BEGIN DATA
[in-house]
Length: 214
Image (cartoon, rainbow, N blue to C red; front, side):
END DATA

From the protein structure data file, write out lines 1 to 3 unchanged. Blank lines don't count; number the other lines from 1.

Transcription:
[in-house]
Length: 214
Image (cartoon, rainbow, N blue to C red; front, side):